Diversity & Inclusion
Food and drink

This old shipping container holds the future of farming

Urban Pastoral's facility is a prototype. Can boxes like it one day feed the city?

This is a farm. (Photo by Stephen Babcock)

Tucked behind the stately former brewery building that houses Humanim in East Baltimore, a shipping container is a new frontier in locally sourced food.
Inside, the entrepreneurs behind Urban Pastoral are growing microgreens like kale, butterhead and bibb lettuces to deliver to restaurants within the city. When the food incubator R. House opens in Remington later this year, the direct pathway will be on display at Stall 11. The microgreens will be featured in an all-vegetarian menu from chef Melanie Molinaro. Urban Pastoral is an owner of the eatery.
“We want to redefine what farm to fork means in this urban environment,” said Urban Pastoral’s J.J. Reidy.
That begins with the farmer, of course, so it’s worth getting a glimpse of the new tools. We are not talking about pitchforks here.

The shipping container is outfitted with Arduino-based systems that regulate necessary data points like pH, humidity and nitrates.

The farm is really a living dataset. (Photo by Stephen Babcock)

The farm is really a living dataset. (Photo by Stephen Babcock)

The temperature is set at 64 degrees, and it’s kept under control with the help of a “Cool Bot.”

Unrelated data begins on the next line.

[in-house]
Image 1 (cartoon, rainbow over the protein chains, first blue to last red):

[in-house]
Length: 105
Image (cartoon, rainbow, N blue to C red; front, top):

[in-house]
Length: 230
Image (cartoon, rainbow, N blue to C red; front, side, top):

If anything gets off, an app provides an alert. Blue and red LED lights are also selected for plant growth.

Not a nightclub. (Photo by Stephen Babcock)

Not a nightclub. (Photo by Stephen Babcock)

Instead of soil, the plants grow in recycled food-grade plastic.

It has the same characteristics as soil, and Reidy said they could even introduce worms if they wanted.
Even though there aren’t fields, there’s still a harvest. The space is set up in zones that keeps the produce cycling. The controlled environment helps them plan ahead, said operations head Christian de Paco.

Readying the latest bounty. (Photo by Stephen Babcock)

Readying the latest bounty. (Photo by Stephen Babcock)

Reidy said there has been a learning curve as they’ve gotten the operation producing tasty vegetables.

The relatively humid conditions required finding crops that would grow well in the environment, and they found cutting down on how much they initially planted actually increased the amount of usable food.

Kale growing vertically. (Photo by Stephen Babcock)

Kale growing vertically. (Photo by Stephen Babcock)

Touring the facility offers a glimpse at what’s possible, but in listening to Reidy it is immediately evident that the shipping container is a minimum viable product. Urban Pastoral is delivering food and has partnerships in the city, and the restaurant at R. House will be an extension that incorporates the end user (and their feedback, no doubt).
With its location in East Baltimore, the implication of the farm’s ability to address food deserts is clear, and the team also believes bringing food production into the city can be a source of jobs in the city. Getting to a point where they are nourishing entire communities will require scale.
“This is just our sneak peak of vertical farming and indoor growing in Baltimore city to show that if we want to feed the city, we need production that’s 100 times the size of this,” Reidy said. It’s something that farmers in other cities, consider this example in Philly, are also pursuing.


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